Pay study says salary compression costing city of Warner Robins

Warner Robins meeting to address salary issue

Warner Robins Mayor Randy Toms and City Council will meet next week on Monday to discuss a new pay scale study from Valdosta State University.

The study says problems with Warner Robins' city salaries could potentially be causing employee turnover and low morale.

This week, Warner Robins received a report from Valdosta State University on the city's salary compression problem.

The report says the current salary system leads to new employees making the same as their more veteran coworkers.

Fire Chief Ross Moulton says that's a problem.

“You know, the starting salary is not the big issue, because I think we're comparable where they start. It's as they move forward. Like our one-year guy to our six-year guy right now all make the same thing,” Moulton said in his office.

The study’s conclusions agree. It says the city’s salaries are “generally competitive” with comparable cities and counties.

But, the study and one of its authors, Robert Yehl, said the salary compression problem hits the police and fire departments hard.

For example, it says 38 of 39 firefighters hired from 2010 to 2015 make the same as firefighters hired in 2016. Later in the study, it says several firefighters with more than 10 years of experience “have not reached pay scale mid-point.”

Valdosta State says that can lower morale and cause high turnover. It’s something Chief Moulton is starting to see.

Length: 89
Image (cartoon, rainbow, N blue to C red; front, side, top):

“We've started to see a little trend toward more people look elsewhere. We've had a few, not many, but a few who have left this job to be firefighters in other places,” Moulton said.

However, Moulton said firefighters had a heart and passion for what they do, so he does not expect lower morale to be a problem. 

The turnover problem, can be an expensive one.

Moulton explained that training new firefighters can cost thousands of dollars, since recruits get paid a full salary while being trained. The study says training new firefighters and police officers can sometimes cost “70-150 percent of an employee’s annual salary.”

The study suggests a step pay system that rewards employees each year for staying with the city as long as they do good work.

But a pay scale would be expensive to implement, as much as $1.5 million.

Mayor Randy Toms says it's worth the cost.

“We implement it with what we have now, even if we, and I know this not desirable, but if you have to dip into reserves to fix it right now, but then it's an ongoing fix that you have to finance,” Toms said in his office.

The study did point out that Warner Robins does well when it comes to retirement benefits. Warner Robins pays 100 percent of retirement contributions. Of the 16 other cities and counties the study looked at, only six paid 100 percent of retirement contributions.

Yehl and Valdosta State also suggested the city give employees an annual compensation statement. The statement would list the employee’s salary, cost of benefits, and retirement contributions to show all the compensation.

Mayor Toms and Chief Moulton said they hope the problem is fixed for the Fiscal Year 2018 budget, the deadline is July 1st

© 2017 WMAZ-TV


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